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Bibliophobia is the fear or hatred of books. This phobia is usually confined to certain book themes, like about witchcraft. People with learning disabilities like dyslexia commonly suffer from this phobia. Unlike most phobias, bibliophobia is not an irrational fear. In some cases, this phobia is not directly connected to the fear of reading aloud in school or work.
Like most phobias, bibliophobia is triggered by a past negative experience, like from early childhood. Some people with learning disabilities can have hard time reading books, ever aloud or silently, triggering fear of reading.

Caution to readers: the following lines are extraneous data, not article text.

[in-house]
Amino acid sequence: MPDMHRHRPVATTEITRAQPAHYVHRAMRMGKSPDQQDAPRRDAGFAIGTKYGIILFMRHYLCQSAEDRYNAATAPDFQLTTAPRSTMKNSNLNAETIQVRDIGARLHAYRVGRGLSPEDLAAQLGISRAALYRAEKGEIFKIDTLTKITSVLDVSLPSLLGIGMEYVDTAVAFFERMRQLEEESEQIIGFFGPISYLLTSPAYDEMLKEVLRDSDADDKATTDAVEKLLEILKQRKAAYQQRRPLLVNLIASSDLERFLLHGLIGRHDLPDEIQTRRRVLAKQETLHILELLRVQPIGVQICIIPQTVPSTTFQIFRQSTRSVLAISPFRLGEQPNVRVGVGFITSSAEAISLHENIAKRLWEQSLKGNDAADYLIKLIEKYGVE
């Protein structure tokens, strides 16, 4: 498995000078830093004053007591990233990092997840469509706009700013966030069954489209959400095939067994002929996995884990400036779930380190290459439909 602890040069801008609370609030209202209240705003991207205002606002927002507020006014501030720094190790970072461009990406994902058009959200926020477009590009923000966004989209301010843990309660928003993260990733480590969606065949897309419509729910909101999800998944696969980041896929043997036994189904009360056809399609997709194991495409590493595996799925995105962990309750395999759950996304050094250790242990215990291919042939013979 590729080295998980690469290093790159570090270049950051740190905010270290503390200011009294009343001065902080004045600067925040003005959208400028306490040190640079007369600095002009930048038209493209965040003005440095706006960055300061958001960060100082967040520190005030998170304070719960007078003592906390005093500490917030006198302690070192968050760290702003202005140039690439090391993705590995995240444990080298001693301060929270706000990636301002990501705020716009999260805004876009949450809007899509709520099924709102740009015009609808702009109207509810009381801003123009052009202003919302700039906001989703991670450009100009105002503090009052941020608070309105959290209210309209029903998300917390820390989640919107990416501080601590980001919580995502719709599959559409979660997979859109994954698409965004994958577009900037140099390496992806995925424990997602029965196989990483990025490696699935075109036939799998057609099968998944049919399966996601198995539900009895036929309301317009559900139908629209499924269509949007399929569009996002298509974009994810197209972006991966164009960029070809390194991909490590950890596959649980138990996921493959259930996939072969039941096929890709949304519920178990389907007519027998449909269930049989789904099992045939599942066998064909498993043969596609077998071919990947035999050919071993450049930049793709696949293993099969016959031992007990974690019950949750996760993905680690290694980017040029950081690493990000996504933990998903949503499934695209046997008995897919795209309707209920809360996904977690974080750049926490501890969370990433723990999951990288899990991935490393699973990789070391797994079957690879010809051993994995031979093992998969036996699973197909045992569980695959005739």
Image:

An example of the other cause of this phobia is reading about evil or frightening stuff, such as witchcraft.
People who is bibliophobic would often be very difficult or unable to read books. When forced to read may make sufferers cry or even panic. Symptoms of bibliophobia include confusion, sweating, shaking, rapid breathing, rapid heartrate, and unable to think straight.
A traditional method of treatment by mental health professionals is identifying the causes of the phobia, and then patient and doctor will work together to cope with fear by first reading in the office, and then alone at home.
For those who suffer panic, bibliophobia can be treated using panic away method, which is used to calm the unconscious mind.